New Apostolate Steps in Where Parents Leave Off
Children at Ufamilia update donor bases in their spare time.
PROVIDENCE, R.I. -- As more Catholic parents get involved in Church ministry and apostolates, some of their children are getting a special dose of family love, thanks to a new apostolate created recently in Rhode Island.
Ufamilia, which means "Happy Family" in Latin, was created to fill the void in cases where families have broken down due to overinvolvment in Church ministries and apostolates.
"Unfortunately, sometimes when we make the decision to follow Christ, it is our own children who suffer,"said Patrick Dawson, founder of Ufamilia. "Husbands and wives sometimes get so involved in church work, that one or both of them find that God may be calling them to leave the family. So, we knew it would be much better to care for these children ourselves, rather than see them become wards of the state."
Over 20 employees and volunteers work at the Ufamilia headquarters. Five of those employees spend time with the children, teach them Bible lessons, and serve meals to them. The rest of the paid and volunteer staff do the important work of speaking tours, fundraising, public relations and education.
"The real backbone of our apostolate is public relations and fundraising," said Melanie Dawson, Patrick's wife, and co-founder of the ministry. "We need to get the word out about our organization, what we are doing, and how important it is for folks to donate. We can't raise these kids or pay our staff without money from donors."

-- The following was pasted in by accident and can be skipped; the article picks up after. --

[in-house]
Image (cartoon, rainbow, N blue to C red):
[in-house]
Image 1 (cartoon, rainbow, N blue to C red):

Currently, there are 50 children who live at their center in Providence. Staff and volunteers keep the kids busy with games, television, and other activities. "They have us doing a lot of stuff here like stuffing envelopes and licking stamps," said Mary Therese Johnson, an 8-year-old who attends Our Lady of Good Counsel Church in Providence."I guess I would rather be back with mom and dad, but mom writes Christian books, and I know that is really important to God."
Patrick Dawson believes in his apostolate so much that he keeps his own two children, Peter and Paul, at the apostolate headquarters. "They are right in there with the other kids, playing, having a good time, and putting brochures and audio tapes in donor boxes."
Tony Bello, a lay volunteer for the apostolate, said he really feels good about the time he puts in here. "I volunteer several here hours a week, and my wife and kids are really proud of me because I am sacrificing time with them in order to spend it with other kids whose parents aren't around."
Melanie said this apostolate is thoroughly needed in the modern church. "St.Paul was single and supported himself as a tentmaker primarily," she said. "However, families today want to help spread the gospel and support themselves while doing it. That can be detrimental to a family, and we are sympathetic. We want to help."